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I never grew out of my bug period

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What makes a good scientist
EO Wilson Scientist
Comments (1) Please sign in or register to add comments
Bidyut
Friday, 11 May 2018 07:09 PM
Simply fascinating exposition What makes a good scientist

The final products of science, what we produce and what we can prove, from a mathematical theorem to a well-researched analysed and probabilistically correct hypothesis, is without emotion and without value in itself. That is what all scientists try to achieve because, after all, an important scientific discovery is forever. So that's what you aim for. Original discovery, objective, correct findings, are coin of the realm of science. So that's what you're after. But the scientist is a mess of emotions. The scientist... the creative scientist, is... mind is aswirl all the time with ideas of... crazy ideas of reminiscing, of dreaming of doing this, of doing that, coming up with connections, most of them all are no good. And furthermore, heavily emotional about it. You know, the excitement of maybe hitting on some notion that could be followed up.

So it's why I like to say that the complete scientist... the ideal scientist, thinks like a poet. And the thought... the creative processes are not alot different from a person in the creative arts. Dreaming of choreography, dreaming of the novel, and so on. You're thinking of a narrative, you're thinking of a process that may exist. You have a hint from one or two facts that something like that might be going on, and you dream about it in a chaotic... often chaotic manner. So the ideal scientist thinks like a poet, works like a bookkeeper, and that's the difference, because you know, you can't just put your dreams down. You're not a novelist or poet. You have to fasten on to an observation of a phenomenon, a connection between two phenomena. The presence of something that hadn't been found before. Fasten on to it and prove it in a... through repeated experiments, through photographs, or demonstrations, through specimens. In a way that others can come along and check it, follow exactly in your footsteps. And that is the work of a bookkeeper. And then, to be ideal you have to write like a journalist. You have to write it so it's clear. Of course very... most scientists fall down on that category. And when you write about it there's a little section in scientific papers called the discussion section. You can go back to being a poet, that's something the public doesn't realise. You can start in your introduction by saying, this is why I find this important. It's why I was excited and brought to it... or me and, I and my colleagues... and we undertook to make this study. That's your introduction.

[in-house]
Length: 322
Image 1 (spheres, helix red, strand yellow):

And then you go in a typical scientific paper, as standard... there's no way of improving this in my opinion... to methods, instrumentation, what you did, what the experiments you did. And now you just absolutely bore everybody to death because you've got to list all of the steps, step by step in exact technical language. And that's why it gets jargony, but it sometimes has to be done that way. And then you have after materials and methods, you have your results. And this has to be as dry as a tax accountant's report, you know. Then you have discussion. Now you're able to say, after you've drawn the conclusion from your results, you say now this is very interesting, if this holds up because of the following implications and we will find many fruitful endeavours to follow upon such and such if in addition we discover that so and so. So that is essentially the way a scientist works, but the important thing to bear in mind is that they have not been seared into emotional immobility. Only a psychopath could be a scientist without passion and human emotion. And psychopaths almost never succeed as scientists.

Edward Osborne Wilson is an American biologist, researcher (sociobiology, biodiversity), theorist (consilience, biophilia), naturalist (conservationist) and author (two Pulitzer Prizes). His biological specialty is myrmecology, the study of ants.

Listeners: Christopher Sykes

Christopher Sykes is a London-based television producer and director who has made a number of documentary films for BBC TV, Channel 4 and PBS.

Tags: scientist, research article

Duration: 4 minutes, 52 seconds

Date story recorded: 2000

Date story went live: 22 May 2018